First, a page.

Sunday, May 24, 2009

Meetings with Deluxe Intransitive Vampires and Other Denizens of the Dictionary

We have a road cd that, among many other things, has several covers of the old, burlesque-y song "Fever."

Two things.

First of all, who in the world wrote this song? How do you come up with lines like "Now you've listened to my story / Here's the lesson I have made / Chicks were born to give you fever / Be it Fahrenheit or Centigrade"? Amazing.

Second: in I think the verse about Romeo and Juliet (not making this up), the final line of the verse is "thou giveth fever." Okay; amusingly faux-Shakespeare. More amusing: in the Michael Buble cover, he corrects the grammar. The -eth ending is third-person singular, and "thou," which is the subject of the verb and should govern its person and number, is the old *second*-person pronoun. So he sings the syntactically correct "thou givest fever." I was the only one laughing, but then that happens a lot.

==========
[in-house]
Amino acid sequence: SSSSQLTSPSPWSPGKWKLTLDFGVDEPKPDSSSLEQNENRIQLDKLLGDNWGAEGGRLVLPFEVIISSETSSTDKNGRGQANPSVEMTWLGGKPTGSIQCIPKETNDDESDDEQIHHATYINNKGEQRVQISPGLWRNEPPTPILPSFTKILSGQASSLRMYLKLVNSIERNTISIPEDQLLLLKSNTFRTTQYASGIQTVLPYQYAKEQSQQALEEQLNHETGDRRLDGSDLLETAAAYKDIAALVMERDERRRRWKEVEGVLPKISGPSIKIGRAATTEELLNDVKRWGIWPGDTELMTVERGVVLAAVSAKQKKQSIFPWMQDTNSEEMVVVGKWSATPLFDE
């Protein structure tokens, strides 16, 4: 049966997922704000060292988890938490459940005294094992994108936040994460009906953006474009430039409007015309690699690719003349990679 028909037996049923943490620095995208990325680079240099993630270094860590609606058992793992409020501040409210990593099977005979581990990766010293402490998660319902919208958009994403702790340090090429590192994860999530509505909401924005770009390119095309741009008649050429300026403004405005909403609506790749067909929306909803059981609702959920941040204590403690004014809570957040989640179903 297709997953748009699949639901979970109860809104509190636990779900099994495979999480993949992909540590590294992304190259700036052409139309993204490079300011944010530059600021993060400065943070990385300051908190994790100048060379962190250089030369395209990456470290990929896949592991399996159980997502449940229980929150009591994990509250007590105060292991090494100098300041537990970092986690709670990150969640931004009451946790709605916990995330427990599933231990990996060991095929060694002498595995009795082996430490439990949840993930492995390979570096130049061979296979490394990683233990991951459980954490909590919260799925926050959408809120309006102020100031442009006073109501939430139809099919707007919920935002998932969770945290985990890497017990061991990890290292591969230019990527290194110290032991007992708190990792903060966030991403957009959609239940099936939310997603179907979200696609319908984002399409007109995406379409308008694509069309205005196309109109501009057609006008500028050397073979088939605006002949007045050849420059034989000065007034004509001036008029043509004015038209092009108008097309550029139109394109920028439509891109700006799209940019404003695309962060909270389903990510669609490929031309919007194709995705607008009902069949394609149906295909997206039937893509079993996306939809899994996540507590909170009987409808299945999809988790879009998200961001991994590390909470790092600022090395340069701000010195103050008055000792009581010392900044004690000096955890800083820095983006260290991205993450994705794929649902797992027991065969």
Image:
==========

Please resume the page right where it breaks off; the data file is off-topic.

The grammatically-aware must take our enjoyments where we can find them. See the great book "Eats, Shoots, and Leaves" for further on this point (as well as the book whose title is the inspiration for the title of this post). Oh, and also my all-time fave New York Times crossword puzzle clue: three letters, "Art today." The answer: "are."

1 Comments:

Blogger Jonathan said...

i had not noticed that. how clever of Buble...

8:08 PM  

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